Aiming to bring GMES more into the public eye
The early stage of realising a complex initiative clearly focuses on the technical and functional aspects of the programme. Now that GMES is well on the way to becoming operational, it is time to consider how it can be brought more into the public eye.
To this end, a workshop, organised by the European Space Policy Institute, was held at the European Parliament in Brussels, Belgium, at the end of last year. The workshop was dedicated to the public perception and international relations of the Global Monitoring for Environment and Security (GMES) programme and the global positioning Galileo satellite system – Europe's two flagship satellite programmes.
Attendees included members of the European Parliament, European Commission, the European GNSS Agency and ESA.
In light of Europe's current economic challenges, it is important that the public and governments perceive these programmes to be of value. The workshop allowed participants to brainstorm ways in which the benefits of these programmes can be communicated to politicians and the public at large.
With respect to GMES, the benefits the programme will bring to every day life are multifaceted. As the most complex and ambitious Earth observation programme to date, GMES responds to the global challenges of protecting the environment, understanding and mitigating the effects of climate change and ensuring civil security.
The European Commission (EC) heads the GMES programme overall. The European Space Agency (ESA) is responsible for the GMES Space Component and the European Environment Agency (EEA) for the In-situ Component. Through these organisations, a ready supply of data from numerous satellites, airborne sensors and ground-based stations are drawn together to provide a comprehensive range of thematic environmental and humanitarian information services.
These services will begin to become operational after the first GMES Sentinel satellites are launched in 2013.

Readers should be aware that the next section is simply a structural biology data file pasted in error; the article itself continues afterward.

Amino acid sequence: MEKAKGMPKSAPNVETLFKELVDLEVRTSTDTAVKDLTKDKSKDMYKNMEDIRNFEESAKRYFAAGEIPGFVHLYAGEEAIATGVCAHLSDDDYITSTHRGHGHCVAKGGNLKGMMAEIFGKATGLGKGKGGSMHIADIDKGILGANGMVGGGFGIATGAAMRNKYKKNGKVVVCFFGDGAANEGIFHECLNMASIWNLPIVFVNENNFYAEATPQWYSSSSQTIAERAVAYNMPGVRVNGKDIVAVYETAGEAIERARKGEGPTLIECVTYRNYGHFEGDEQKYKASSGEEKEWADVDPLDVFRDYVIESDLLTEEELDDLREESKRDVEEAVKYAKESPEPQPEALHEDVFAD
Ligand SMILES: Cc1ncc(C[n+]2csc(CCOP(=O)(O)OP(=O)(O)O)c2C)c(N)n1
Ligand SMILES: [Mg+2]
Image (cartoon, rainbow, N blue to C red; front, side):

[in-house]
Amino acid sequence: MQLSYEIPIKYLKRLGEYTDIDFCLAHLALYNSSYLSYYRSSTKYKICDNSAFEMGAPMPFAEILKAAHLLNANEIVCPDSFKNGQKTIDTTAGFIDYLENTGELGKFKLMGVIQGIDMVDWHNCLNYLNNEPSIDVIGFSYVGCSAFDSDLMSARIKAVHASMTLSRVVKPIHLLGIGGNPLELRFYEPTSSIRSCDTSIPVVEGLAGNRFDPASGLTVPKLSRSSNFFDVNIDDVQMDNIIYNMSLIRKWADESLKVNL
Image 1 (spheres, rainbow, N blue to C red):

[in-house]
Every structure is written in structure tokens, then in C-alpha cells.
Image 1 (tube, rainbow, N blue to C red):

First to launch is Sentinel-1, which will deliver a ready supply of all-weather day-and-night imagery to benefit numerous services. For example, services that relate to the surveillance of the marine environment including oil-spill monitoring and ship detection for maritime security, monitoring land-surface motion risks, mapping of land surface for forest, water and soil management, monitoring of Arctic sea-ice extent and routine sea-ice mapping, as well as mapping in support of humanitarian aid and crisis situations.
In addition, data will be used within the Urban Atlas project, mapping the expansion of urban environments.
Data from five Sentinel missions dedicated to GMES and from more than 30 additional satellite missions contributing to the programme, along with data acquired on the ground and from the air will all be fed into a wide range of user services. This approach is set to make a step change in the way we care for the environment whilst supporting many civil needs.
With most of the GMES infrastructure now in place, the workshop proved to be an excellent platform to exchange and discuss numerous ideas on how to bring the benefits of the programme into the pubic eye.
"GMES is a complex programme," said Josef Aschbacher, Head of ESA's GMES Space Office. "Experts usually tend to speak in a language that is not in tune with that used by decision makers, politicians and the general public.
"Translating this complexity into day-to-day language is something GMES has to improve. After all, every European citizen should benefit from GMES, so we need to make an effort in making the programme and its benefits easily understandable."